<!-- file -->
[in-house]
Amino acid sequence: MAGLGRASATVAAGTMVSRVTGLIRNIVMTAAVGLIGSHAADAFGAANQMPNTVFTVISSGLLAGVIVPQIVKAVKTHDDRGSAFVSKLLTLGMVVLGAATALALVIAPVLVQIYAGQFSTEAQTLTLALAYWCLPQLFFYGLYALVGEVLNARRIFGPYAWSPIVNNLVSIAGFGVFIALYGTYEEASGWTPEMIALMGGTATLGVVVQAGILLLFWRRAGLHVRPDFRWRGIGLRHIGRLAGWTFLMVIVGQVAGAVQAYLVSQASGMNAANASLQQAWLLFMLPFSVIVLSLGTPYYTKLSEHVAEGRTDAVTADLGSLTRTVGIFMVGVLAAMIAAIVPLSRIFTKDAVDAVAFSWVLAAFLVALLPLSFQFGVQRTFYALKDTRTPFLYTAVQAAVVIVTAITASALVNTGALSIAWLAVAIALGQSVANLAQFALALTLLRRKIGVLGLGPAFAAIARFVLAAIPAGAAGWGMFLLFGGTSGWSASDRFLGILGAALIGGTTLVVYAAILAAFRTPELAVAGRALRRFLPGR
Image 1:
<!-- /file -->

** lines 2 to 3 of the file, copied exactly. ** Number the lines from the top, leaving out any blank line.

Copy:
Amino acid sequence: MAGLGRASATVAAGTMVSRVTGLIRNIVMTAAVGLIGSHAADAFGAANQMPNTVFTVISSGLLAGVIVPQIVKAVKTHDDRGSAFVSKLLTLGMVVLGAATALALVIAPVLVQIYAGQFSTEAQTLTLALAYWCLPQLFFYGLYALVGEVLNARRIFGPYAWSPIVNNLVSIAGFGVFIALYGTYEEASGWTPEMIALMGGTATLGVVVQAGILLLFWRRAGLHVRPDFRWRGIGLRHIGRLAGWTFLMVIVGQVAGAVQAYLVSQASGMNAANASLQQAWLLFMLPFSVIVLSLGTPYYTKLSEHVAEGRTDAVTADLGSLTRTVGIFMVGVLAAMIAAIVPLSRIFTKDAVDAVAFSWVLAAFLVALLPLSFQFGVQRTFYALKDTRTPFLYTAVQAAVVIVTAITASALVNTGALSIAWLAVAIALGQSVANLAQFALALTLLRRKIGVLGLGPAFAAIARFVLAAIPAGAAGWGMFLLFGGTSGWSASDRFLGILGAALIGGTTLVVYAAILAAFRTPELAVAGRALRRFLPGR
Image 1: